Azerbaijan Youth Groups: Young Pioneers

Figure 1.-- This photograph was taken in 1951 at Mashtagi, a suburb of Baku, Azerbaijan. At the time, Azerbaijan was part of the Soviet Union. The children were at a Young Pioneer camp. All but one boy are barefoot. Bare feet were common at early Pioneer camps. By the 1960s, sandals were more common.

Azerbaijan was incorporated into the Soviet Union after the Civil War. As part of the Soviet Union, boys in Azerbaijan participated in the Young Pioneer movement. The Pioneer Movement was a mass youth movement, so large numbers of Azerii children would have participated. The Pioneer movement was a national youth movement. It was the Soviet equivalent of Boy Scouts and Girl Scouts. There weere major differences. Unlike the Scouts, parents were not involved and it was not really voluntary. Participation was essentially compulsory and run by a government agency. One Western Communist desribes the element of compulsion as "uniting practically all children". [Munford, p. 125.] It was integrated into the schools program. And its purpose was to assist in the indocrination of children with Communist ideology. One source explsains, "It is the task of education in the Soviet Union to train [note the use of the term 'train'] children idelogically, to give them a dialctic, mterilist concept of the various phenomena and processes in social life. It must reveal to them the inevitability of sociert's transition from capitalism to socialism, and it must impart the ideals of communism." [Munford, p. 125.] The red scarves that you see Azerii school children wearing were awarded by the Pioneers. One Azerii remembers the great pride f receiving her scarve. She was awarded it before the other children in her class. [Hajiyeva] She rembers her scarve in some detail. It caused all kinds of problems. It had to be worn just so. She was criticized for wearing it like a cowboy. It also wrinkled and the color was not fast. Each Soviet republic had its own Pionee organization. We have little specific information at this time about the movement in Azerbaijan. We know that there was a Pioneer Palace in Baku. Here children with passing grades could pursue a range of extra-curricula activities like astronomy and ballet, but mostly academic subjects. [Munford, p. 126.] The different groups were limited to 15-20 youths, so a very small number could participate. One Azerii source remembers how as the independence movement that children began to less commonly wear their Pioneer scarves. This was especially the case after Soviet tanks entered Baku (1990). [Hajiyeva]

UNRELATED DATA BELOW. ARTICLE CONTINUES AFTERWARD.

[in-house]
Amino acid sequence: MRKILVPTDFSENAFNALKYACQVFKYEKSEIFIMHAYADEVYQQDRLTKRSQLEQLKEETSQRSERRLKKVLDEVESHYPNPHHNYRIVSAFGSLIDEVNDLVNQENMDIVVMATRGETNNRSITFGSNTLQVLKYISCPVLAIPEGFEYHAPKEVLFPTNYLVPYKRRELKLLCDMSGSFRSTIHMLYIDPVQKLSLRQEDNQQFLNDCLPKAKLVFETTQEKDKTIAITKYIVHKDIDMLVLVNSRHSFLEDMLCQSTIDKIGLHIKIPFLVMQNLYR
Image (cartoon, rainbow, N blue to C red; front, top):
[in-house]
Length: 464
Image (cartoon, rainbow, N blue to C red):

Hajiyeva, Aynur. "No More Red Pioneer Ties!: Untying the Soviet Noose Around Our Necks"> Azerbaijan International (Autumn 1999) Issue 7.3.

Munford, Clarence J. Production Relations, Class and Black Liberation. This slavisly promotinal assessment of the Soviet Union among other matters does not mention the hostility of Russins toward blacks.


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Created: 2:49 AM 11/14/2008
Last updated: 2:49 AM 11/14/2008